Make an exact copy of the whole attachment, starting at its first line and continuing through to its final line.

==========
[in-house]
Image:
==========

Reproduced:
[in-house]
Image: